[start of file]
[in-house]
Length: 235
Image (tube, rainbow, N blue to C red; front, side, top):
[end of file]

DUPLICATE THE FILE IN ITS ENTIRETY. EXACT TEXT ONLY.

[in-house]
Length: 235
Image (tube, rainbow, N blue to C red; front, side, top):